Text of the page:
The Death of West Washington

This is original poetry that I am fortunate to have published in The Truth About the Fact: International Journal of Literary Nonfiction, Vol. I No. 1

You can purchase the book here.

“The Death of West Washington”

Pushers and beggars,

Clustering on littered streets

Hunched over in the blistering heat

Eyes cast low, hunting for their next fix

Bloodshot eyes with veins like hairline cracks

On a broken and deserted sidewalk.

Sanctuary for gypsies,

Stomping grounds for the traveling artist,

Careful stories told on each brick wall

Spray painted tales of broken dreams and lost hope

“West Washington,” they called it:

A one mile tucked away alley

In the beating heart of Venice Beach.

A paradox, a nexus of power and loss

Grunge and graffiti

Charm and character

So much dark, and yet incredible light

Shone through every crack and crevice

Of this once hidden gem

Undiscovered and raw with an unapologetic beauty.

A young, wide-eyed child dare not veer south of Santa Monica.

And yet the energy of this place

Took me by the hand and lured me into

A strange and unfamiliar crows,

The vibrancy of the streets and of the sweat stained faces

Of the moments, drenched in story and culture

Brought with it an intimacy from which I never recovered.

This playground, nursery and fairy tale

Of colors, laughter and truth

Bore her soul to me,

Asked me to stay a while,

To call her open arms and her warm chest home

But this home would not last.

Warm smiles

Were replaced with stone,

Corporate brows.

A 20-year hole-in-the-wall cafe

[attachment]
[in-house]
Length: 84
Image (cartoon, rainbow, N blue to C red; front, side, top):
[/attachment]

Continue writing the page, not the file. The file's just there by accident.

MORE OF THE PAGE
With bubbling laughter and whistling espresso machines

Was replaced with sterile, minimal boutiques

Overpriced items, undervalued employees

And cold glances from every corner

Every shade of black and brown replaced with stark white

Like a cluster of birds flocking west,

My special place was commodified into an artsy enclave,

A capitalist pursuit, a string of puppets

Pulled by an invisible hand.

Weeds tugged from the earth

Replaced with green succulents and prickly cacti

Graffiti demolished from walls

Replaced with painted murals

Where tourists stand and pose with false smiles

Quickly turning stern once the flash captured.

A jungle gym for young students

Herding coffee shops

Premium auburn water

Costly for the cup.

Sit on fancy machines,

Fixated on a screen

Fingers like jabbing woodpeckers pestering on trees.

Studying fine arts and history books

An ironical locus

For history rests before their innocent eyes,


Gypsies and hippies expelled from a home.

A home of a forgotten square with so much sparkle

The mom-and-pop,

The free spirited,




A sliver still lives

On corners and outskirts of the field.

Prayerful that a highbrow will invest,

Hand-crafted arts and knacks

Sold outside of brunch spots.

Craft cocktails and minuscule portions

Paired with fabricated whispers of entrepreneurs.

Festivals, food trucks and flea markets.

Grins from housewives strolling blue-eyed babies,

A community gathered.

The paradox lives on;

Like a pepper-tree—

Strong and sturdy from the outside

Wish sagging and lifeless roots

Forgetting how this playground started.

Like a lotus grows from dirt,

This contemporary pavement sprouted from mud,

Muddy dreams of the impoverished

Blossoming into a tech-boomers haven

Nooks and crannies for pupils to cram information they will soon forget

A wilting lotus.


In it comes a death.

The death of beatnik hippies snapping fingers to the hum of the moonlight,

The death of tents as cozy dwellings,

The death of an intermixing society,

Thriving off abstract notions

Of philosophies and art.

The death,

Of West Washington.


And in it comes a birth.

The birth of hustling cafes—

Marketing tea leaves that are grown in distant places

Promoting dishes with exquisite flare.

The birth of a new art—

Renowned artists etching into walls

Making claim to their chichi home.

The birth of an upscale, white region.

The birth,

Of Abbot Kinney.

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